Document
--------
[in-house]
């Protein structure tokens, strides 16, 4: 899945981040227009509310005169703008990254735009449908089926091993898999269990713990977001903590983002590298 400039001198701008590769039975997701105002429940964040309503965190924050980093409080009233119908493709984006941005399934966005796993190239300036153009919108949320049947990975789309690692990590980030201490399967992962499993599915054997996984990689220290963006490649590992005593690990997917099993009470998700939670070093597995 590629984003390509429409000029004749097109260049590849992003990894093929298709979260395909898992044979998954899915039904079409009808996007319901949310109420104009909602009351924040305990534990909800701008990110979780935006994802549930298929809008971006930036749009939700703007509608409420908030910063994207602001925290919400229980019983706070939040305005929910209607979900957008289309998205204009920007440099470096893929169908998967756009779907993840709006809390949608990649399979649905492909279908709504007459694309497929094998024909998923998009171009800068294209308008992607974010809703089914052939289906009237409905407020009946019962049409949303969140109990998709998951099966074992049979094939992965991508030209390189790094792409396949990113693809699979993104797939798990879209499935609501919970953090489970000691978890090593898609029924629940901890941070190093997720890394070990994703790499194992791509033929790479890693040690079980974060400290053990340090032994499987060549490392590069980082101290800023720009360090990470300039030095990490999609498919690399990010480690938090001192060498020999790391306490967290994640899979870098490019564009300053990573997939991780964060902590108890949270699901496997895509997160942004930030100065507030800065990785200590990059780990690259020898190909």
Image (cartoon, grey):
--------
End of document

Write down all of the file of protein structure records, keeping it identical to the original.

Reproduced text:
[in-house]
């Protein structure tokens, strides 16, 4: 899945981040227009509310005169703008990254735009449908089926091993898999269990713990977001903590983002590298 400039001198701008590769039975997701105002429940964040309503965190924050980093409080009233119908493709984006941005399934966005796993190239300036153009919108949320049947990975789309690692990590980030201490399967992962499993599915054997996984990689220290963006490649590992005593690990997917099993009470998700939670070093597995 590629984003390509429409000029004749097109260049590849992003990894093929298709979260395909898992044979998954899915039904079409009808996007319901949310109420104009909602009351924040305990534990909800701008990110979780935006994802549930298929809008971006930036749009939700703007509608409420908030910063994207602001925290919400229980019983706070939040305005929910209607979900957008289309998205204009920007440099470096893929169908998967756009779907993840709006809390949608990649399979649905492909279908709504007459694309497929094998024909998923998009171009800068294209308008992607974010809703089914052939289906009237409905407020009946019962049409949303969140109990998709998951099966074992049979094939992965991508030209390189790094792409396949990113693809699979993104797939798990879209499935609501919970953090489970000691978890090593898609029924629940901890941070190093997720890394070990994703790499194992791509033929790479890693040690079980974060400290053990340090032994499987060549490392590069980082101290800023720009360090990470300039030095990490999609498919690399990010480690938090001192060498020999790391306490967290994640899979870098490019564009300053990573997939991780964060902590108890949270699901496997895509997160942004930030100065507030800065990785200590990059780990690259020898190909």
Image (cartoon, grey):